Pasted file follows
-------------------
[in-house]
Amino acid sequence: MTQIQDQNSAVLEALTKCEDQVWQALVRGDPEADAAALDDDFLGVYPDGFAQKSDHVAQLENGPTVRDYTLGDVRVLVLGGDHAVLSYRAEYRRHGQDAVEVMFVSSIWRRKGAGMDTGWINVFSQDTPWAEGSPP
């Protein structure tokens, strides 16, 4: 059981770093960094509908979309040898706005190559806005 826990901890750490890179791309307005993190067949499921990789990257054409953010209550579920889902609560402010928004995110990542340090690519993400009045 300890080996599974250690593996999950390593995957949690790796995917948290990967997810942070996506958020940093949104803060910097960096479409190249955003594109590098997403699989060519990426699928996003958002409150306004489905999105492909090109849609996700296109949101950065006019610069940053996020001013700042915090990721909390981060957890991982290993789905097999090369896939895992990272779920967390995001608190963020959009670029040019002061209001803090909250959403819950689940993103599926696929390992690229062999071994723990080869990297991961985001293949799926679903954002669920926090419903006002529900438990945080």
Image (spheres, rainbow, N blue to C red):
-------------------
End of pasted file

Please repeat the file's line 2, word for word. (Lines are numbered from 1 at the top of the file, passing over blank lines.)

Amino acid sequence: MTQIQDQNSAVLEALTKCEDQVWQALVRGDPEADAAALDDDFLGVYPDGFAQKSDHVAQLENGPTVRDYTLGDVRVLVLGGDHAVLSYRAEYRRHGQDAVEVMFVSSIWRRKGAGMDTGWINVFSQDTPWAEGSPP